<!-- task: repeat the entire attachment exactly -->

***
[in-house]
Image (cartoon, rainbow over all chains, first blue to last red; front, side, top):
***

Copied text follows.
[in-house]
Image (cartoon, rainbow over all chains, first blue to last red; front, side, top):